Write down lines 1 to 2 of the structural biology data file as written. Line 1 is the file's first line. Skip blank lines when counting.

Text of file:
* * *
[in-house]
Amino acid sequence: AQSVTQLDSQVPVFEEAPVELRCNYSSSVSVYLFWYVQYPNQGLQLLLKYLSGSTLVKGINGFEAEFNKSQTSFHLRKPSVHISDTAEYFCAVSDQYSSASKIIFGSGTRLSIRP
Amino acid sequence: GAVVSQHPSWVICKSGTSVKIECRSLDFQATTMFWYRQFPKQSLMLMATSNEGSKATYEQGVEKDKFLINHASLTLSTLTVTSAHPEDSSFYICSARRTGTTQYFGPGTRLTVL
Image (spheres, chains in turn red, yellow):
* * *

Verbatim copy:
[in-house]
Amino acid sequence: AQSVTQLDSQVPVFEEAPVELRCNYSSSVSVYLFWYVQYPNQGLQLLLKYLSGSTLVKGINGFEAEFNKSQTSFHLRKPSVHISDTAEYFCAVSDQYSSASKIIFGSGTRLSIRP